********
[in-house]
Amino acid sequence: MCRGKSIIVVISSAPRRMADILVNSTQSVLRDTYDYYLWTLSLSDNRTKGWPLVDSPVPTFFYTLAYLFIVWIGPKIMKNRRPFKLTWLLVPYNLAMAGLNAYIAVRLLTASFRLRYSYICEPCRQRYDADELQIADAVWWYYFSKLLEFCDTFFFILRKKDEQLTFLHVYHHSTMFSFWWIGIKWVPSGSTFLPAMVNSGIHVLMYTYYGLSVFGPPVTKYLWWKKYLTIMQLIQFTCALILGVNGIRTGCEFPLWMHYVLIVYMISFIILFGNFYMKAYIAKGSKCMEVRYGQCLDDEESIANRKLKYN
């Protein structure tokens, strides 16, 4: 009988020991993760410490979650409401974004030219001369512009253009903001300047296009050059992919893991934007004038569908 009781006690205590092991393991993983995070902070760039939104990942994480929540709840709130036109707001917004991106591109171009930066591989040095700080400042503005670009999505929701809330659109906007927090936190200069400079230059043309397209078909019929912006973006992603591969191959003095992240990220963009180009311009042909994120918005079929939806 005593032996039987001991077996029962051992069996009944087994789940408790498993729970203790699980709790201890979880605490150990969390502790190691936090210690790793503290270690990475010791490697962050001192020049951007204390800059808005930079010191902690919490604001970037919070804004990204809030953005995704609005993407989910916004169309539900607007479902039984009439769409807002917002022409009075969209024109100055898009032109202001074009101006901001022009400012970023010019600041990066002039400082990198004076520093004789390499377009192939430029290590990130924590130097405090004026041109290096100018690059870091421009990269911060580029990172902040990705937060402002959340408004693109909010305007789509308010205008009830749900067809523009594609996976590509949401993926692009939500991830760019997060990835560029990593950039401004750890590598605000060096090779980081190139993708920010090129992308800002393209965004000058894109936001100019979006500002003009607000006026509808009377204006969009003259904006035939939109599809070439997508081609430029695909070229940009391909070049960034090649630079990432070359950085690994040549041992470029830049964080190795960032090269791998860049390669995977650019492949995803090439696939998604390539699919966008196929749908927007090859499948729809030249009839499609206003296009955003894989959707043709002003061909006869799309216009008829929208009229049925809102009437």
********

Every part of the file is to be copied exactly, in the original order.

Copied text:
[in-house]
Amino acid sequence: MCRGKSIIVVISSAPRRMADILVNSTQSVLRDTYDYYLWTLSLSDNRTKGWPLVDSPVPTFFYTLAYLFIVWIGPKIMKNRRPFKLTWLLVPYNLAMAGLNAYIAVRLLTASFRLRYSYICEPCRQRYDADELQIADAVWWYYFSKLLEFCDTFFFILRKKDEQLTFLHVYHHSTMFSFWWIGIKWVPSGSTFLPAMVNSGIHVLMYTYYGLSVFGPPVTKYLWWKKYLTIMQLIQFTCALILGVNGIRTGCEFPLWMHYVLIVYMISFIILFGNFYMKAYIAKGSKCMEVRYGQCLDDEESIANRKLKYN
């Protein structure tokens, strides 16, 4: 009988020991993760410490979650409401974004030219001369512009253009903001300047296009050059992919893991934007004038569908 009781006690205590092991393991993983995070902070760039939104990942994480929540709840709130036109707001917004991106591109171009930066591989040095700080400042503005670009999505929701809330659109906007927090936190200069400079230059043309397209078909019929912006973006992603591969191959003095992240990220963009180009311009042909994120918005079929939806 005593032996039987001991077996029962051992069996009944087994789940408790498993729970203790699980709790201890979880605490150990969390502790190691936090210690790793503290270690990475010791490697962050001192020049951007204390800059808005930079010191902690919490604001970037919070804004990204809030953005995704609005993407989910916004169309539900607007479902039984009439769409807002917002022409009075969209024109100055898009032109202001074009101006901001022009400012970023010019600041990066002039400082990198004076520093004789390499377009192939430029290590990130924590130097405090004026041109290096100018690059870091421009990269911060580029990172902040990705937060402002959340408004693109909010305007789509308010205008009830749900067809523009594609996976590509949401993926692009939500991830760019997060990835560029990593950039401004750890590598605000060096090779980081190139993708920010090129992308800002393209965004000058894109936001100019979006500002003009607000006026509808009377204006969009003259904006035939939109599809070439997508081609430029695909070229940009391909070049960034090649630079990432070359950085690994040549041992470029830049964080190795960032090269791998860049390669995977650019492949995803090439696939998604390539699919966008196929749908927007090859499948729809030249009839499609206003296009955003894989959707043709002003061909006869799309216009008829929208009229049925809102009437």